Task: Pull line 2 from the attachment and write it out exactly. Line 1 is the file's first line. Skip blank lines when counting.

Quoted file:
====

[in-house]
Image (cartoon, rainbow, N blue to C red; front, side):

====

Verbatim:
Image (cartoon, rainbow, N blue to C red; front, side):